Step 3: Protect the resources

Step 4: Constantly review VRIO resources and capabilities

 

No.16: The McKinsey 7-S Framework

What:

This framework is used to identify which elements you need to realign to improve performance or to maintain alignment and performance during other changes. These changes could include restructuring, new processes, an organizational merger, new systems, and change of leadership.

How:

Strategy: This is your organization’s plan for building and maintaining a competitive advantage over its competitors

Structure: this how your company is organized (that is, how departments and teams are structured, including who reports to whom).

Systems: the daily activities and procedures that staff use to get the job done.

Shared values: these are the core values of the organization, as shown in its corporate culture and general work ethic. They were called “superordinate goals” when the model was first developed.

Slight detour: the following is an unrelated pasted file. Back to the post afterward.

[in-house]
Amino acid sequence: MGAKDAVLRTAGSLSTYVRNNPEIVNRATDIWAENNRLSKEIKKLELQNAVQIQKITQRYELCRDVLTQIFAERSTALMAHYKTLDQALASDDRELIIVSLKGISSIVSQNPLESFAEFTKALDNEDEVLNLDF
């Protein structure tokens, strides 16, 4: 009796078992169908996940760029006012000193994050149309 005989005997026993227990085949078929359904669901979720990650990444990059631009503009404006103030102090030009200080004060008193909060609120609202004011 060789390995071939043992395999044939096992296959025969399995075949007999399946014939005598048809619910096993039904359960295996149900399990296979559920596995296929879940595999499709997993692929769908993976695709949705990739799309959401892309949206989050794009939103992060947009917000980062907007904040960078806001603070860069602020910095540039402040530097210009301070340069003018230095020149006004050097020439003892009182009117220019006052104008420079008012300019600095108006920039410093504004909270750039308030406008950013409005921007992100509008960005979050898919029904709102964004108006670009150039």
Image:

Style: the style of leadership adopted.

Staff: the employees and their general capabilities.

Skills: the actual skills and competencies of the organization’s employees.

 

Follow these steps:

 

Start with your shared values: are they consistent with your structure, strategy, and systems? If not, what needs to change?

Then look at the hard elements: How well does each one support the others? Identify where changes need to be made.

Next, look at the soft elements: Do they support the desired hard elements? Do they support one another? If not, what needs to change?

As you adjust and align the elements, you’ll need to use an iterative (and often time-consuming) process of making adjustments, and then re-analyzing how that impacts other elements and their alignment. The end result of better performance will be worth it.

 

No.17: Jobs to be done

What:

The Jobs To Be Done framework involves measuring how effective your products and services can help your customers reach their goals and solve their problems.

How:

Under-Served: customers who have unmet needs and are willing to pay more to get a job done better; you should offer a better-performing, more expensive product

Over-Served: customers who perceive existing products in an industry as cost-prohibitive and inaccessible; you should offer a simpler, more accessible, and less expensive product than current offerings